OPC develops programs in collaboration with partner countries and their ministries of health, which have ownership of all programs and are responsible for implementation. The development and implementation of any given program goes through 4 different phases:

1) Situation Analysis & Program Planning

This stage, planned by the partners (the Ministries of Health, often the civil society in a given country and OPC), allows to 

  • Estimate the eye health needs as per services delivered to patients by the available eye health work force
  • Identify the health policies needed either to be improved or to be developed
  • Estimate the necessary means to reaching set targets in the most efficient, effective way possible.

This step is done through a technical visit of an OPC team member followed by a national workshop supported by OPC. The purpose of this workshop is to come up with a draft program of interventions and determine the priorities of locations and level of intervention. 

2) Program Approval & Fundraising

The draft program of intervention is presented to the Ministry of Health and a memorandum of understanding is signed between the Ministry and OPC, which allows OPC to start the search for funding.

3) Program Implementation

The program activities are implemented by the Ministry of Health human resources. OPC and the civil society supervise and monitor either together or individually. Accounting and finances are entrusted to independent fiduciary agents.

4) Evaluation & Recommendations

All OPC programs must end with a final evaluation led by independent experts while accounting and finances are audited by an independent entity. The final report approved by the independent experts and in accordance with the partners’ agreed upon recommendations is made available to the donor(s), the experts and auditors and to the partners.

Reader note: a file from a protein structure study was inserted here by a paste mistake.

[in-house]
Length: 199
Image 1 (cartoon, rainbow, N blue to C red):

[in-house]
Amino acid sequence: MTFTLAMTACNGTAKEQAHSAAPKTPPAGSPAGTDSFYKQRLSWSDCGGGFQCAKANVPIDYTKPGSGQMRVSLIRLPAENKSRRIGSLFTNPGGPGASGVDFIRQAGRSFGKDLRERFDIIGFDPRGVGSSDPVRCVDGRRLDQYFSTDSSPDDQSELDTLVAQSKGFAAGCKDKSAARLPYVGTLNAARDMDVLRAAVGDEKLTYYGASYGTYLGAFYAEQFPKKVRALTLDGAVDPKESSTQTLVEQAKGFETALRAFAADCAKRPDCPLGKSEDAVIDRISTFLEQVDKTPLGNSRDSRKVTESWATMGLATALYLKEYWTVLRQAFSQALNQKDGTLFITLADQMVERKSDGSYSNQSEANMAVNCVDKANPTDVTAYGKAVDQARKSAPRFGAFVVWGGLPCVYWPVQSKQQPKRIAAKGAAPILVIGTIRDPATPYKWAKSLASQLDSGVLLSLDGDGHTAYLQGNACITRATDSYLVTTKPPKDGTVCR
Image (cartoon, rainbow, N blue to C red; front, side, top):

The Challenge

According to the International Agency for Blindness Prevention latest compiled data, 253 million people are visually impaired, including 36 million blind people. The risk of blindness is 5 to 10 times higher in the developing world than in industrialized countries, and 90% of blind people live in a developing country.

Because of demographic growth and aging populations, the blindness/visual impairment statistics are at risk of tripling and doubling respectively by 2050. OPC is fighting so that this will not happen, because sustainable solutions exist to preserve a person’s right to sight.

Regardless of age, women are most at risk of blindness. When women are given quality eye care and access to sight saving surgeries, it impacts not only their lives but that of their families.

Young daughters won’t have to drop out of school to become caregivers. Women can continue their livelihoods, earning an income for their family.

Providing glasses could offer normal sight to millions of children suffering from problems like myopia and astigmatism and allow them to have a normal education.

When children complete school, they enter their communities as better equipped adults. Help break the cycle of poverty and contribute to social and economic development, empowering individuals through sustainable access to sight.


At OPC, we chose to be a “glass house” to explain where every dollar goes.

Of every dollar we spend, 92 cents goes to preserving and restoring eyesight of the world’s most vulnerable people.

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  • Programs (90%)
  • Fundraising costs (8%)
  • Operating costs (2%)
  • Our partners

    other partners - L’Organisation pour la Prévention de la Cécité (OPC) encourage le renforcement des systèmes de santé oculaire et lutte pour le droit à la vue des populations les plus négligées en Afrique francophone.
    ministries - L’Organisation pour la Prévention de la Cécité (OPC) encourage le renforcement des systèmes de santé oculaire et lutte pour le droit à la vue des populations les plus négligées en Afrique francophone.